In DVDSP3, I found myself wishing that I could view the DVD at a larger size in the Simulator. With DVD SP4, the user can now preview HD content and SD content scaled to HD on a G5. The Simulator in DVD SP4 now supports external monitors, which allow previewing the picture at the intended resolution in a YUV color space.
I’ve been thinking about putting some of my film scores out on a DVD. Yes, they are already on a DVD, but I want to make a music project — perhaps a CD and DVD with high quality PCM audio. The DVD-Video spec allows for stereo PCM audio tracks at resolutions up to 24-bit/96kHz. Some of my recent recordings have been at this resolution and I was anxious to hear how they sound on hi-fi systems outside of my studio.
My first task was to find my 24/96 Pro Tools project. The Spotlight feature in OS X Tiger came to the rescue. I’ve accumulated project files spread across three FireWire drives. Fortunately, I always try to put the name of the project in the file name somewhere. The Smart Folders feature of Tiger is simply a saved search for a keyword. But Spotlight looks inside of files too so it’s like having a search for file name contains your keyword plus a Unix grep command searching for the word inside of files. The best part is the fact that the smart folder stays up to date as you add files that match the criteria to your system. Pretty smart.
Adding the 24/96 WAV file assets into a DVD SP4 project was a piece of cake once I found the file I was looking for. Next, I found some images to match my video, and dropped them into the slideshow window. I then added the 24/96 file to the audio track in the slide show.
This isn’t as obvious as you would think. Looking for a timeline? You won’t find one. Slides are stacked vertically top to bottom in sequence order in the Slide Show Editor. Audio files are added by dragging and dropping them from the Asset Manager into a little “bucket” at the top of the slideshow editor.
It’s not difficult to use but there is no graphical feedback on the duration of each slide. A waveform display would also be a big help when using DVD SP4 for music projects. As I said in my last review, some basic support for audio levels and fades would also enhance the experience for those of us who use DVDs to showcase our music. By the way, if you are doing work in 192 kHz stereo or high definition audio in surround, you will need to find another program. This is a DVD-V world only.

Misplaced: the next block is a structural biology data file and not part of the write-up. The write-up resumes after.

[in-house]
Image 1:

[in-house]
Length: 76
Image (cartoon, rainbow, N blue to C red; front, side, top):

Here’s a tip for graphic artists using Motion 2: Get a USB MIDI controller! A two octave MIDI keyboard like the Midiman Oxygen 8 that I used, works fine and you don’t need piano lessons. All you need is an animation subject — a graphic or image — and some time to play. I’m not kidding here, tactile control of graphics can be a lot of fun.
I took one of the sample objects provided in the Motion 2 tutorial, a little alien character. I found that I could easily animate his arms and legs and make his eyes pop out (anything for a laugh). The magic started with I synchronized the character’s motion to a piece of music I wrote. With a few background effects, I ended up with a very catchy piece for my demo reel.
I intend to return to Motion 2 and use some of the generous supply of particle animations, including smoke, sparkles and fire effects for another demo reel piece. The license free text animations are another big plus. LiveType, which is included in Final Cut Studio, has some very fun text animations and some very dynamic and modern royalty-free fonts. I was able to create a bouncing version of my band logo using LiveType and had plenty of time left over to create some video loops for the menu.
When it was time to put it all together, the new Motion templates were there to get me started. I added two short video clips to a Motion template and instantly had a very professional looking loop for my DVD menu, complete with moving graphics and text.
Once again, Apple is one step ahead of the game. HD disc players are just around the corner. No one knows which format will win the public’s favor but Apple has developed an authoring tool that puts HD DVD authoring in your hands today.
While I’d like to see more features designed for audio-only titles, I also have to say that it works quite well for video and is a worthy investment. The added power of VTC editing, advanced scripting and combination SD/HD titles will be of use to commercial DVD authors as well as musicians, composers, visual artists and filmmakers.
The price for DVD Studio Pro 4 is the same as version 3. With all the added features, DVD SP4 is well worth the price — either separately or bundled with Final Cut Studio.
Motion 2 has some stunning effects and unique features, such as MIDI control that make it a standout application. The support for HD video and the integration of products for workflow improvement make Final Cut Studio an extremely valuable set of tools. At a price of $1299 US, that’s going to be hard to beat.
At a Glance
DVD Studio Pro 4
Applications: SD and HD DVD authoring for professional applications, including films, episodic video, music videos, industrial/educational films and commercial event videography.
Key Features: HD DVD authoring, professional templates, distributed encoding, advanced scripting and VTS editing.
Price: $499 (US), upgrade $199 (US)
Applications: motion graphics, special effects, text animation, broadcast, DVD
Key Features: Real-time design engine, MIDI control, native HDV support, templates, particles
Price: $299 US, upgrade $99
Contact: apple.com (800-MY-APPLE)
DVD Studio Pro 4
– HD DVD Authoring
– VTS allocation
– Advanced scripting
– Powerful Drag and Drop Authoring
– No filmstrip view in track editor
– Support for DVD Slideshows (i.e., music titles) could be expanded
– MIDI control of animation
– Advanced particle generator
Both applications are intuitive and pack enough features to satisfy professionals. Both products are an excellent value, especially when purchased in the Final Cut Studio bundle.
(c) 2007 Carlos Garza